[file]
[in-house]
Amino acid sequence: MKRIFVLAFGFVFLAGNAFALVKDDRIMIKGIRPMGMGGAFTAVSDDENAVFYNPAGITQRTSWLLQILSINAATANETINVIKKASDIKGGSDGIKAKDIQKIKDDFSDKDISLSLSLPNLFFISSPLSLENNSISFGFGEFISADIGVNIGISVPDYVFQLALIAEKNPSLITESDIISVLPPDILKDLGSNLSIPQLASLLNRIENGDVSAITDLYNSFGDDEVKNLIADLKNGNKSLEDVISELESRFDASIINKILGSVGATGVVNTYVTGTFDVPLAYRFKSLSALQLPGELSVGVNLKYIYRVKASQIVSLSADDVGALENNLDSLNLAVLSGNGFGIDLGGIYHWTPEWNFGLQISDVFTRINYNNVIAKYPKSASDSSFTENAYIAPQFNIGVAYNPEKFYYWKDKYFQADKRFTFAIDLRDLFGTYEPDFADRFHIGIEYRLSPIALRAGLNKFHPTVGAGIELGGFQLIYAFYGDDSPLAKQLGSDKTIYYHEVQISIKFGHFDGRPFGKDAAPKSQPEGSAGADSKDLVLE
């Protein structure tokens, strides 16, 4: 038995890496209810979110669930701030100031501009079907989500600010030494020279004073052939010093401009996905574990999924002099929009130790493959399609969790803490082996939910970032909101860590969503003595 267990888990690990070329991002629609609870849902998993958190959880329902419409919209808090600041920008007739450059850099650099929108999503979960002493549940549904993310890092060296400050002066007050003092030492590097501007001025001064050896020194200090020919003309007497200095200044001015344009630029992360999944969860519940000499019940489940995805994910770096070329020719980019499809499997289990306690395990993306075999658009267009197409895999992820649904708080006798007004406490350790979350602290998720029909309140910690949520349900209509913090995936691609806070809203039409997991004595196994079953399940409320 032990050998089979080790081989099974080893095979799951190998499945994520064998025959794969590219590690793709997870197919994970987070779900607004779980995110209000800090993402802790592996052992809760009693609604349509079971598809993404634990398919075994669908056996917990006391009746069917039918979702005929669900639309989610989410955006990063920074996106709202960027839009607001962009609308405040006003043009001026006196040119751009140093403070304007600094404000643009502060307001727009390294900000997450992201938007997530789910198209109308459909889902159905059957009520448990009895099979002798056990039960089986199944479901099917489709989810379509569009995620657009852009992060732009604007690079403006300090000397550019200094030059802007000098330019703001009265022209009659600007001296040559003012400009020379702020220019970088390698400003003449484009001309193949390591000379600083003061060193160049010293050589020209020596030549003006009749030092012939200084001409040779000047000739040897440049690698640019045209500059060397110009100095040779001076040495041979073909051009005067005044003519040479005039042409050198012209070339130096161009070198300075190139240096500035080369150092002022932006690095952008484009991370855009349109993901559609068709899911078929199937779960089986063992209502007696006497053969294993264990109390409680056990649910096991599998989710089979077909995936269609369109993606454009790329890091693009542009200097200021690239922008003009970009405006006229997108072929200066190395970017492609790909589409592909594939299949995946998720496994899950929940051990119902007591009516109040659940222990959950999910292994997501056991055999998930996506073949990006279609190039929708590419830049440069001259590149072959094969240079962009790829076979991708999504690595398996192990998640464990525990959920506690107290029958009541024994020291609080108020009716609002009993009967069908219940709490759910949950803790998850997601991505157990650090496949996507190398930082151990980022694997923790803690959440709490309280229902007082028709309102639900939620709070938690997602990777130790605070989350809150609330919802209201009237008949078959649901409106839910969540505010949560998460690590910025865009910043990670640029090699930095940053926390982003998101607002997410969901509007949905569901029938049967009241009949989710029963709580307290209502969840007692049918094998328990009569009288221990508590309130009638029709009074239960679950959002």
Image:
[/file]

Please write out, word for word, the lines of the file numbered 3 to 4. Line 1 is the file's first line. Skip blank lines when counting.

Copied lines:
């Protein structure tokens, strides 16, 4: 038995890496209810979110669930701030100031501009079907989500600010030494020279004073052939010093401009996905574990999924002099929009130790493959399609969790803490082996939910970032909101860590969503003595 267990888990690990070329991002629609609870849902998993958190959880329902419409919209808090600041920008007739450059850099650099929108999503979960002493549940549904993310890092060296400050002066007050003092030492590097501007001025001064050896020194200090020919003309007497200095200044001015344009630029992360999944969860519940000499019940489940995805994910770096070329020719980019499809499997289990306690395990993306075999658009267009197409895999992820649904708080006798007004406490350790979350602290998720029909309140910690949520349900209509913090995936691609806070809203039409997991004595196994079953399940409320 032990050998089979080790081989099974080893095979799951190998499945994520064998025959794969590219590690793709997870197919994970987070779900607004779980995110209000800090993402802790592996052992809760009693609604349509079971598809993404634990398919075994669908056996917990006391009746069917039918979702005929669900639309989610989410955006990063920074996106709202960027839009607001962009609308405040006003043009001026006196040119751009140093403070304007600094404000643009502060307001727009390294900000997450992201938007997530789910198209109308459909889902159905059957009520448990009895099979002798056990039960089986199944479901099917489709989810379509569009995620657009852009992060732009604007690079403006300090000397550019200094030059802007000098330019703001009265022209009659600007001296040559003012400009020379702020220019970088390698400003003449484009001309193949390591000379600083003061060193160049010293050589020209020596030549003006009749030092012939200084001409040779000047000739040897440049690698640019045209500059060397110009100095040779001076040495041979073909051009005067005044003519040479005039042409050198012209070339130096161009070198300075190139240096500035080369150092002022932006690095952008484009991370855009349109993901559609068709899911078929199937779960089986063992209502007696006497053969294993264990109390409680056990649910096991599998989710089979077909995936269609369109993606454009790329890091693009542009200097200021690239922008003009970009405006006229997108072929200066190395970017492609790909589409592909594939299949995946998720496994899950929940051990119902007591009516109040659940222990959950999910292994997501056991055999998930996506073949990006279609190039929708590419830049440069001259590149072959094969240079962009790829076979991708999504690595398996192990998640464990525990959920506690107290029958009541024994020291609080108020009716609002009993009967069908219940709490759910949950803790998850997601991505157990650090496949996507190398930082151990980022694997923790803690959440709490309280229902007082028709309102639900939620709070938690997602990777130790605070989350809150609330919802209201009237008949078959649901409106839910969540505010949560998460690590910025865009910043990670640029090699930095940053926390982003998101607002997410969901509007949905569901029938049967009241009949989710029963709580307290209502969840007692049918094998328990009569009288221990508590309130009638029709009074239960679950959002």
Image: